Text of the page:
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Islamabad

August 6, 2017

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Sindh TTIs to be handed over to private firms

Sindh TTIs to be handed over to private firms

The government of Sindh School Education Department has decided to privatise the six key teacher training institutions and colleges in Sukkur, Larkana, Mirpurkhas, two teacher’s training institutes and colleges in Karachi including one of the most important teacher training institutes, Provincial Institute of Teacher Education (PITE) Sindh Shaheed Benazirabad (Nawabshah).

The Public-Private Partnership Mode of School Education Department (SED) called expression of interest from the parties and firms.

Education experts and teachers’ bodies showed their concern regarding handing over of said established training institutions to the private firms in the name of privatization instead of their revitalisation.

Education Department Secretary Abdul Aziz Uqaili in his detailed reply to The News said that Sindh Education Department had initiated various reforms in Education Department for the ultimate benefit of children of Sindh. On the one hand, department was trying to increase students’ attendance and enrollment in Sindh schools by employing various mechanisms and on the other, increasing attention was being given to improve the quality of education which included quality of teaching as well. In the initial phase six teacher’s training institutes and colleges were being offered to private sector for managing and operating to increase the quality of teacher training and hence the quality of education to students in schools.

Education Department has already initiated handing over of USID-SBEP Schools to EMOs (Education Management Organisations) in Public Private Partnership Mode and has been contemplating to improve teacher training and quality by engaging well qualified and reputable private partners. In this regard, department has been approached by non-governmental organisations to manage and operate a TTI in PPP mode.

The concept was sent to Public Private Partnership Policy Board headed by Sindh chief minister for approval and was accorded the same. Whoever eventually wins the contracts for these schools shall depend on the bidding documents and evaluation criteria prepared by the transaction adviser to be hired by department for this purpose.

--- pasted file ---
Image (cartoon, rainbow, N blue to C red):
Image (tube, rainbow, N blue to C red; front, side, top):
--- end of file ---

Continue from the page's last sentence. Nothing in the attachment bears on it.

Secretary Uqaili added that first, it was incorrect to say that TTICs were being privatised; these were being offered for a private operation and management and would work under the educational and administrative framework of Education Department. Second, the department was going to sign a concession agreement with private partner to be chosen and might end up giving some payment to private partners for running these TTICs for the benefit of teachers and students. Since the bidding would be nationally competitive, the department expected to get private partner at reasonable cost. Further details would be unfolded when transaction advisor did the analysis.

The heads of such institutes have participated in various meetings and have been made aware of the initiative. The initiative shall only positively influence them as there will be no effect on their employment status but the working and discipline of the TTICs will get better.

Secretary Uqaili concluded that MTTICs had been working since long but unfortunately had not been able to impart the pre-service and in-service training up to the mark, due to various capacity and operational issues. The introduction of the private reputable organisations as a pilot project for the six TTICs would generate a healthy competition for TTICs being run by government. The outcome of government run and private partner run TTICs would be assessed by a third party for impact evaluation.

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